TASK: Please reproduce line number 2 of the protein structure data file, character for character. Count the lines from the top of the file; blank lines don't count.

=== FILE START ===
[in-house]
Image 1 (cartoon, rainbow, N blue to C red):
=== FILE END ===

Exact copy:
Image 1 (cartoon, rainbow, N blue to C red):